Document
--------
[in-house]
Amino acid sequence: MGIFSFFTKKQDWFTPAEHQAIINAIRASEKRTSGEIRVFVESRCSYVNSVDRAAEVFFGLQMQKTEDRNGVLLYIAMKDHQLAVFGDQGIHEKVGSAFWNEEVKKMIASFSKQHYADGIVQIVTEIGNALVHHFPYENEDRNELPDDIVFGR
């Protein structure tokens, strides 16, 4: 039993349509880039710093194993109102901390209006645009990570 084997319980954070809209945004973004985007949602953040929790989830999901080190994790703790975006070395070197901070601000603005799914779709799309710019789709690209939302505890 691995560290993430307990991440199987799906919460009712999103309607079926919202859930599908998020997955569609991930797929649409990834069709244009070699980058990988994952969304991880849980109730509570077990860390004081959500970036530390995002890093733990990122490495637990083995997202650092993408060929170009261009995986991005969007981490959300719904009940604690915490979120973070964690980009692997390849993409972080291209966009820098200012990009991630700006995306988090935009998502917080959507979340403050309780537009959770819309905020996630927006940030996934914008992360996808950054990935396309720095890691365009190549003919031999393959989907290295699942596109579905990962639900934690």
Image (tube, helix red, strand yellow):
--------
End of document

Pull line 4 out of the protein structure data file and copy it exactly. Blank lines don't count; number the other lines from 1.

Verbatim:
Image (tube, helix red, strand yellow):